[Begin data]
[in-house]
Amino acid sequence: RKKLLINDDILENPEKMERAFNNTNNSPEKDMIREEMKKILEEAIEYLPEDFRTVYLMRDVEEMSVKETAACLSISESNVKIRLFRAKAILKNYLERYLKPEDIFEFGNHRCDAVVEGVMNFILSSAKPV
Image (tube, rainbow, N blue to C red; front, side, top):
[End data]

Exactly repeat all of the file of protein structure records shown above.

[in-house]
Amino acid sequence: RKKLLINDDILENPEKMERAFNNTNNSPEKDMIREEMKKILEEAIEYLPEDFRTVYLMRDVEEMSVKETAACLSISESNVKIRLFRAKAILKNYLERYLKPEDIFEFGNHRCDAVVEGVMNFILSSAKPV
Image (tube, rainbow, N blue to C red; front, side, top):